Sunday, August 28, 2011

Signal Watch Watches: Rise of the Planet of the Apes

Anyone who brings up the Planet of the Apes franchise around me is going to regret that slip of the tongue. I love the Apes. I love not just the premise of Cheston landing on a strange planet where Apes evolved and man did not (ahem, SPOILERS) but the twist ending that lets you know this was a Rod Serling Joint.

I love that there are four more Apes movies of varying quality with a bizarre and twisted time-travel logic to them. I love Roddy McDowell as Cornelius and Caesar, and Kim Hunter as Zira. I love Cheston as Cheston on a planet full of intelligent Apes. I love the fact that Beneath the Planet of the Apes stars James Franciscus, who is sort of a mini-Cheston AND Cheston.

I'm not old enough to have participated in the Apes phenomenon the first time around, and while I watched the movies as a kid (and liked them), it was in college that I became obsessed. Like all good sci-fi, it was a terrific inversion of our world and our way of looking at our fellow beings.

Caesar cannot believe he let these things expire in the fridge.
Rise of the Planet of the Apes straight up loves the first Apes movie, and more or less completely ignores the rest of the series. If you're a continuity hound, it'll drive you nuts knowing that only the first film matters anymore (and I think we can all safely disregard the Tim Burton "re-imagining" of POTA - I know I do). But this movie does tie in with the original very, very nicely, if you listen closely.

Its also packed with easter eggs for the Apes fan. Example: we meet an orangutan named "Maurice". Of course, the fellow who played orangutan-extraordinaire Dr. Zaius was actor Maurice Evans. Lots of little flourishes like that. Scenes from the first movie get riffs and echoes in this movie.

The story plays out as almost a timeline, plowing through a lot at a fairly brisk pace. Likely, some will wish for more lingering scenes, and it might have been nice to have more emotional development between Franco's Will Rodman and Serkis' Caesar, but what's implied in montage, etc... sets the scene well enough. And Will's relationship with his father, suffering from early-on-set Alzheimer's (played very, very well by John Lithgow) does get the necessary treatment and set-up that you can understand how events might roll into motion.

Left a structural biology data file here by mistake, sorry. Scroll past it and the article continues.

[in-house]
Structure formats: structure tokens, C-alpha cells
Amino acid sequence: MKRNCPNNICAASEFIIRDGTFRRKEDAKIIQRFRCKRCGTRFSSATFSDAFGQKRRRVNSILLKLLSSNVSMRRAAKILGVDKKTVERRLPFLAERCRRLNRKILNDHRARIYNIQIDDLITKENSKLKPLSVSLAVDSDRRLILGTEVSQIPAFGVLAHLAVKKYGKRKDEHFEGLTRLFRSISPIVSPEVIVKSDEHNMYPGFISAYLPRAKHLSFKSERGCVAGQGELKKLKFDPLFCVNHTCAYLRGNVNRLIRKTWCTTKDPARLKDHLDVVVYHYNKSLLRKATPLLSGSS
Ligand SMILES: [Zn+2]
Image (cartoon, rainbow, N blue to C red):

And, hey, the movie employs Signal Watch-favorite actor Brian Cox in a typically Brian Cox-ish role, with Draco Malfoy actor Tom Felton acting as his protege in the movie and likely off-camera.  And Franco is given a love interest who seemingly does nothing but act as a plot point (and I have another theory, which we can discuss offline, I guess).

The movie is surprisingly small for much of the film.  Will deals with his ill father, and on the brink of professional success, he almost loses everything.  Were this another movie, the story would be a feel good tale about how adopting a chimp taught Will about himself and got him to appreciate the world around him, queue Peter Gabriel music, credits...

Doug and friends decide to head out for the Wine Country

But this is Planet of the Apes.  As a rule, Apes movies have bummer endings, and this one is no exception.  I won't give it away, but you can guess things won't go all that smoothly once you consider where all of this is headed, and that's part of the point of the Apes movies, I might add.  Its going to end badly for our side because we've got something the apes do not (not until later, anyway):  hubris.  And cruelty.

The Ape CG, while extraordinary, is not always perfect.  Its never exactly-iffy enough that it takes you out of the scene, but there's still that weird place where the light doesn't catch just right or some other element is off against the natural environments of the movie. Still, its a far step forward from the "well, that's clearly not a real ape" of the original film series, and the movements are all very well designed and captured rather than the prescribed rolling gate the actors employed in original films.

The action sequences are pretty great, and if I lived in San Francisco, I'd be flattered that my hometown was chosen to play host to the uprising.  Its a pretty neat sequence.

Franco and Caesar.  Bros 4EVA.

I checked in with Jamie, who does not like the original Apes movies, and took me to see this one as a sort of gift, and she actually quite liked the movie.  She cited, yes, the action sequences, but also the pacing and the build toward the inevitable conclusion.

I have a theory about why Will was given a romantic interest at all in the movie, but I'll save it for another time.  She doesn't add much to the plot, and seems oddly unphased by Caesar, the way-too-intelligent chimp.

Anyhow, I think its a worthy entry into the POTA world of movies, but its an odd fit as it decimates the continuity of at least 4 of the 5 movies.  But I am curious to see if the studio decides to make another Apes film or leave it alone.

In my book, nobody is going to be able to replace Cheston and crew in that first movie.

But I wouldn't mind seeing Andy Serkis in chimp skin once again.

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